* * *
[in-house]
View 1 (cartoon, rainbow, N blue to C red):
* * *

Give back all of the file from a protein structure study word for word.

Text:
[in-house]
View 1 (cartoon, rainbow, N blue to C red):